Garden of Bees, the first offering from Decking Awesome Games is up on Kickstarter right now. In it, 2-6 players will each control their own hive of bees, competing for dominance over the garden. They will collect honey, harvest flowers, draft drones, and attack each other, with the ultimate goal of being the last queen bee standing.
Andrew: Honestly, when I first looked at Garden of Bees, the theme didn’t immediately convey the idea that this game was a knife-fight, but that’s exactly what it is. Quick, brutal elimination of the opposition is the goal, and everything about your turn is dedicated to that end.
Jess: Of course, that doesn’t mean the game doesn’t have room for some cuteness. Our components are pre-Kickstarter, so we have harvested some shots from the campaign page. However, we think that these little bee meeples (beeples, obvi) are adorable!
**Kickstarter Prototype Mumbo Jumbo – All photos are of prototype components, either taken ourselves or harvested from the Kickstarter page. Ya’ll been warned!**
Gameplay takes place over the course of 5 phases. Each phases is resolved by every player before moving on to the next. In this way, Garden of Bees features very little downtime between actions, which well suits the game’s fast play style – turns are fast and the action is tight.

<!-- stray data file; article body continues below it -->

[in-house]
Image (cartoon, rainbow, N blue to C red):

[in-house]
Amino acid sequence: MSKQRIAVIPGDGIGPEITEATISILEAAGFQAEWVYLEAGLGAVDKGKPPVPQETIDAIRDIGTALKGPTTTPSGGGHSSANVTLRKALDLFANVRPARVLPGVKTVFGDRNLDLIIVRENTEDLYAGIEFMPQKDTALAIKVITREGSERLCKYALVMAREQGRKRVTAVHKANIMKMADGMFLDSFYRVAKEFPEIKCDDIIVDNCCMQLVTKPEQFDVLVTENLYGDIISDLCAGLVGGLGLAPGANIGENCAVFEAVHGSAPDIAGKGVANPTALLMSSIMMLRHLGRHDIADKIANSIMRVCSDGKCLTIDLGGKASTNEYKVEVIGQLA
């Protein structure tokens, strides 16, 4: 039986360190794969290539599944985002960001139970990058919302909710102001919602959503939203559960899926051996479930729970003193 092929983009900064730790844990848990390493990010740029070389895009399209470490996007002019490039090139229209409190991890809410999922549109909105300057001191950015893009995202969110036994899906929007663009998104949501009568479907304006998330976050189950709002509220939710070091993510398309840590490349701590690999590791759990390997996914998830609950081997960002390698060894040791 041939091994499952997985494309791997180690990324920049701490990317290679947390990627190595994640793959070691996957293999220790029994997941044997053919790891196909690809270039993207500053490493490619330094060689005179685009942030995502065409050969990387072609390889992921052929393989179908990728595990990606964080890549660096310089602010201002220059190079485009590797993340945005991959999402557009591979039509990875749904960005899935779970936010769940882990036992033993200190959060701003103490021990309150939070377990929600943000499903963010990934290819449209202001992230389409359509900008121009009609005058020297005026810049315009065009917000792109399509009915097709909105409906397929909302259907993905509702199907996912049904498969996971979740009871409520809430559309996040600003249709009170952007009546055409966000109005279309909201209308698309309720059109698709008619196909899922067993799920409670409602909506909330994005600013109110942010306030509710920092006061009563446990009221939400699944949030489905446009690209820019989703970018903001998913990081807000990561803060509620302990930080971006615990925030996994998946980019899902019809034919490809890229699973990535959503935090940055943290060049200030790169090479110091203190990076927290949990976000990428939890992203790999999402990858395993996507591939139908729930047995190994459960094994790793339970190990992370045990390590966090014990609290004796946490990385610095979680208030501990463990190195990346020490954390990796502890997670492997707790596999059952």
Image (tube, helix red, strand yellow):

The phases are:
- Honey – each player receives honey equal to 2 + their queen’s current health
- Harvest – A single flower card is flipped over. All players will then gamble honey on the result of a d6 roll – the success and payout of that roll varies with each flower (the picture below will clarify)
- Event – Each player has the opportunity to spend 10 Honey to purchase an Event cards. These cards can dramatically swing the balance of the game, and also require a dice roll to determine how effective they are.
- Attack – in turns, each player can send waves of up to 5 bees (or wasps, more on that in a sec) after other players’ queens. Bees are expended when used this way.
- Rebee – Honey can be spent to replenish your supply of attack bees. (Also doubles as our favorite word in the game)